I witnessed the death of teaching today.
At an in-service (a meeting where the administration pulls us out of the classroom to improve instruction), we were told that in order to comply with No Child Left Behind we, as a citywide department, will be using curriculum mapping to guide instruction. For those of you not fully versed in educationese, that means that what we do for every single day of a school year will be mapped out in advance.
If a student is taking Algebra I, which was the topic du jour, he or she will be able to walk from one classroom to the next, knowing exactly what to expect to see taught that day, throughout the entirety of our school corporation. It won't matter that some of us have the most advanced students in our school taking Algebra I in eighth grade, or that at the same time, high school teachers who are teaching the same course are dealing with those who barely passed regular eighth grade math the year before. The methods, examples, activities, and strategies will all be predetermined by a task force that was organized last year. I, as an instructor, will be a human automaton, not only following this curriculum to the letter, but reporting on my compliance each day using an online template where I will check off each item that I use in class each day.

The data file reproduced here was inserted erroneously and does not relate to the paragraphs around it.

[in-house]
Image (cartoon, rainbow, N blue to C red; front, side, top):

This is my worst professional fear realized. My ability to make up imaginitive activities or worksheets is no longer welcome. My choice to take advantage of teachable moments, where a topic involving mathematics comes up in the news and I can spend time talking about it with my classes, is gone. My skill at analyzing student weaknesses is no longer required; it won't matter whether my class needs an additional day to comprehend a concept. I guess I don't have to worry if my kids struggle with the dreaded train problems for three days as I had to deal with last week; after one day it will be time to move on to the next topic whether they understand it or not. The task force clearly knows best what my students will have trouble with from year to year and how long it will take.
Guest speakers and field experiences are things of the past. So is the thought of interdisciplinary units, crossing curricula with science, language arts, or social studies. Want to co-teach the metric system with the science teacher in your team? Sorry, no time. We're doing the order of operations today and evaluating expressions tomorrow. Is your beloved family member in the hospital for four days? You'd better leave detailed substitute plans. Not that it should be a problem to have a substitute. With this cookie cutter operation, anyone could do this job. The question is, who's going to want to?